Samuel Molyneux

Samuel Molyneux ( born July 18, 1689 Chester, Cheshire, † April 13, 1728 in Kew, Surrey ) was a British politician and astronomer. Along with James Bradley, he discovered the aberration, a first proof of the heliocentric world view.

He was the second son of William Molyneux (1656-1698), known for his work on optics, and studied at Trinity College, Dublin (MA 1710). Since 1712 he was a " Fellow of the Royal Society. Apart from his political career (Member of the British and Irish Parliament, Lord of the Admiralty from 1727 to 1728 ), he dealt with astronomy. At his private observatory he discovered with his friend James Bradley in 1727, the annual aberration. of starlight, the two astronomers had intended to repeat an observation Robert Hooke in 1674 with an improved telescope. Hooke had observed a small annual change of position in the south of England passing through the zenith of the star gamma Draconis ( etamin ), but could not perform precision measurements this change in the star position was interpreted as annual parallax, this since ancient evidence of the movement of the earth around the sun Hooke.

Molyneux attached to a specially developed for this task by the London device manufacturers George Graham zenith telescope at a fireplace of his home in Kew. The 1725 started measurements showed, however, soon realized that the change in position was firstly too big and on the other hand was at right angles to the expected course. After the appointment Molyneux to Lord of the Admiralty Bradley sat alone, the measurements continued, even with a smaller telescope with a larger field of view in the home of Bradley's aunt. In a boat trip on the Thames then found Bradley 1727 Statement. The light has a finite speed and therefore requires a finite time to run through the comoving from the earth telescope tube.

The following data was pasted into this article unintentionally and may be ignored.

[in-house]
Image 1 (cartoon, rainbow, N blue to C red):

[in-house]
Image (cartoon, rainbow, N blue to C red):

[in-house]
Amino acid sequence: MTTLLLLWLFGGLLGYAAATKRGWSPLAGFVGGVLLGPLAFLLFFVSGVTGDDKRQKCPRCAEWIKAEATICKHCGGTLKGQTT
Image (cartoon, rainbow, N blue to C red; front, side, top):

The two scientists had thus not only confirmed the heliocentric world view for the first time experimentally, but could also indicate an opposite Olaf Romans improved value of the speed of light. From Immeasurement the parallax, they concluded, moreover, that the star Gamma Draconis more than 400,000 Earth's orbit radii ( 6 light years) had to be removed. In the 1990s, his removal was determined by the Hipparcos satellite to 148 light years.


  • Robert Hooke: An attempt to prove the motion of the earth from observations made ​​, London 1674
  • James Bradley: A Letter from the Reverend Mr. James Bradley Savilian Professor of Astronomy at Oxford, and FRS to Dr.Edmond Halley astronomer. Reg & c. Giving an Account of a New Discovered Motion of the Fix'd Stars. Philosophical Transactions (1683-1775), Volume 35 ( 1727), pp. 637-661
  • Member of the House of Commons (Great Britain 1707-1801 )
  • Member of the Irish House of Commons
  • Astronomer (18th century)
  • Briton
  • Born in 1689
  • Died in 1728
  • Man